What we believe matters: this affirmation, embedded in both the mission and vision of this place, gets at why I count myself extremely fortunate to teach at Augsburg College. I challenge students to recognize that questions, their questions, their philosophical and existential questions (who am I? why am I here?) have theological answers. I can be explicit about the ways the Christian theological tradition answers those questions and I can be explicit about the disagreements among Christians in many of those responses. The commitment of the Lutheran tradition to intellectual freedom coupled with the college’s commitment to diversity means I can be explicit about the ways people from religious traditions and perspectives other than Christianity answer those same questions. And I can show students that dialogue across traditions does not pose a threat to one’s own religious affirmations, but holds out the possibility for a better understanding and renewed commitment to one’s own position, hopefully with new insight and appreciation for the position of that conversation partner.
I count myself fortunate to teach at Augsburg College because it is a place where I can push the students with every bit of academic rigor to understand, interpret, analyze, and evaluate religious claims and sacred texts, and can do so without denying the real and ineffable presence of the God who calls us. At Augsburg, in answering philosophical questions with theological answers, I can push students to answer first, what does it mean? And then, what does it mean for me? And finally, what difference does it make?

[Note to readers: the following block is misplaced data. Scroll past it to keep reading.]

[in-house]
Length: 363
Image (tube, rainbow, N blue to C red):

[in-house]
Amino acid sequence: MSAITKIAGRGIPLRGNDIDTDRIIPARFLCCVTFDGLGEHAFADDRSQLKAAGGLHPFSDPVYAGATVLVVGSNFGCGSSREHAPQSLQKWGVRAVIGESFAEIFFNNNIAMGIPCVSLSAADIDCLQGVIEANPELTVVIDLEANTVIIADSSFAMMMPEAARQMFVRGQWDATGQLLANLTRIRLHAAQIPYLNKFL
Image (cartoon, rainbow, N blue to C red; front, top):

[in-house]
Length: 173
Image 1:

What we believe matters; it matters for how we live our lives in the world. What we believe shapes who we are, what we do, what we say, and how we live with others. Taking this idea seriously is the way Augsburg “nurtures future leaders to the world” and this responsibility is, without question, a value shaped by the values of the Christian tradition. Living responsibly in this world, living in its duties and complexities is how, in the words of twentieth-century theologian Dietrich Bonhoeffer, one learns to have faith. “In so doing, we throw ourselves completely into the arms of God, taking seriously not our own sufferings, but those of God in the world – watching with Christ in Gethsemane. That, I think, is faith; that is metanoia.” And that is transforming education.
- B.A. University of Iowa (History and Religion)
- M.A. University of Chicago, Divinity School (Divinity)
- Ph.D. University of Virginia (Religious Studies – Philosophical Theology)